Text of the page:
Patrick Rafter was stung into continuing his run at the Gerry Weber Open when he twice came back from the brink of defeat to beat Roger Federer in a battle of two players who should do well at Wimbledon.
Rafter won a high quality match 4-6, 7-6, 7-6 and today plays the Chelsea-based Fabrice Santoro in the semi-finals. In the other semi, the top seeded Yevgeny Kafelnikov, who yesterday had to play three tie-breaks against Nicolas Escude, plays the Swede Thomas Johansson.
Rafter can put his continuing presence in the tournament down to the ace he served to save match point in the second set tie-break. Yet while coming back from match point down is always noteworthy, the turnaround came early in the second set.
After dropping the first, the Australian went a break down in the first game of the second as Federer's brilliant backhand threatened to curtail the No 2 seed's practice for Wimbledon.
But then, as Federer prepared to serve at 2-1, Rafter was stung into action by an insect which seemed to lodge inside his shirt. He took the shirt off at the back of the court to make sure the bug was not still there, causing a delay of a couple of minutes. "Something bit me on the neck," he said afterwards, "but I never found it."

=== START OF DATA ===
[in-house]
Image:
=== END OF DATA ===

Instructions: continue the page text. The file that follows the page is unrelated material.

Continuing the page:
Federer suggested the incident might have been calculated to disrupt his rhythm. "It's possible it could have been deliberate," he said. "I'm sure there was something in his shirt, but whether it was a bee or a beetle is hard to say. But I don't want to lay all the blame on that."
Whether calculated or not, Federer immediately played his first bad game of the match and dropped serve for 2-2.
The Swiss, who looks the finished article on grass but at 19 may still be a shade inexperienced to survive seven matches at Wimbledon, should still have won, having been 5-2 up in the second set tie-break before having match point.
But after a Rafter lob opened up the court for the forehand which levelled the match, the Wimbledon runner-up gained in confidence, and he won the match on his eighth ace to take the final set tie-break 7-4.
"If I'd lost I'd have walked off and said it was a good match," said Rafter. "Roger played very well, and I played nearly as well as I can. It went my way today, but those kind of matches can go either way. Roger was better than me for a good set and a half, and even at the end we were still level pegging."Reuse content